Dear Reader,

Our metro rail system provides a vital service for our community.  These trains allow us to navigate with relative ease and reduce our carbon footprint.  Metro rails lessen street congestion and save riders time and money.  Rail users need not worry about the cost of maintaining, insuring, and storing a vehicle; and are never concerned about navigating a car through traffic or finding a parking space.  They get to sit back, relax, and enjoy the ride.

For all these reasons and more, we should be grateful we have access to this much needed transportation service.  Still, there are some real-world risks and obvious problems with journeying on the rails which riders should know about.   I chose the topic for today’s blog, after reading an Article on about the most a recent Amtrack train car derailment at the tunnel entrance of Union Station.

Luckily no passengers were hurt, but an Amtrak employee was taken from the to a local hospital for observation.  Amtrak had to suspend all service between D.C. and Richmond Virginia causing massive delays for commuters.  Still, given that no one except the poor Amtrack employee was seriously injured, this could have been much worse.

This article documents a single and relatively minor railroad failure. Yes, this failure cost the company quite a bit to fix and yes, a lot of commuters were inconvenienced on their way to work, but overall, everyone walked away unharmed.  Still, the article sheds light on a larger concern about the safety of using the metro lines. While it’s true the metro rail system provides tons of benefits for the community, there is an element of rider-be-ware when you choose to travel the rail lines.

For one, if you ride the Metro, you know how overcrowded trains can be especially during heavy commute times.  It’s hard to maintain your personal space and this can leave you vulnerable to pick pockets, harassment or even assault.   The transit authorities do their best to deter and prevent these crimes, but it’s impossible for them to be everywhere at once.

Then there’s the problems with the trains and rails themselves. As demonstrated by this recent derailment, our rail system is not always a safe and reliable mode of transportation.   Maintaining an extensive rail network is a daunting task for even the most prepared transit system and it’s all too common for a breakdown to occur.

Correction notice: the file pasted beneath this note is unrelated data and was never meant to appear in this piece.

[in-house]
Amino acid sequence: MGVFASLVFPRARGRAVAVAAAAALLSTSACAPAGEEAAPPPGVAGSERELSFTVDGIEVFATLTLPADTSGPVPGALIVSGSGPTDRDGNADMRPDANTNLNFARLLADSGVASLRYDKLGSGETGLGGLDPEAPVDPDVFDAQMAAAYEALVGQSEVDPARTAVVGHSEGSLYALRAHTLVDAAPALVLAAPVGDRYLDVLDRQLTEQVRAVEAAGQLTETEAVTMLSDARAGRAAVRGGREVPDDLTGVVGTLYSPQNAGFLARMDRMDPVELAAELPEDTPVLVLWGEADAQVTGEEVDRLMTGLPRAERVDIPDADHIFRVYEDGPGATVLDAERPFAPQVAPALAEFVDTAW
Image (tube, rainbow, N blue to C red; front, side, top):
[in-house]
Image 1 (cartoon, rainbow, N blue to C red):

Sometimes these system breakdowns can cause more than just frustration for commuters.  Poorly maintained train cars and rail tracks can result in terrible and sometimes fatal injuries. Last year alone the Washington Metropolitan Area Transit Authority (WMATA) reported eight major safety events, three of which included electrical fires and three others which involved derailments.   All you need do is watch the news for a few weeks and you’ll likely hear of someone injured or killed on the metro lines.

The takeaway, our rail system provides a vital service to our community and for the most part, riders navigate their daily commutes with ease.  But this mode of transportation is not always safe. There are risks involved in using these city services.  Remaining vigilant and aware of your surroundings and the people around you will help, but there’s really nothing you can do to safeguard yourself from the risk of injury due to a train malfunction.

If you or someone you love is ever injured while riding on the metro rails, I urge you to call my office.  With over forty years’ experience handling personal injury claims, we are ready to help you in every way we can.

Now, I’d like to hear from you.  Have you ever had a bad experience while riding the metro line?  Or do you have specific safety tips you’d like to share with other readers that help keep you and your belongings safe?

Please respond and I’ll share your story in an upcoming post.

Until next time, please be safe, and NEVER text while driving!

Paul Samakow

Attorney Paul Samakow

703-761-4343 or 301-949-1515

See link below for the original article.

Amtrak train cars derail at Union Station in DC, causing major disruptions to service

By Allison Hageman and Gina Cook

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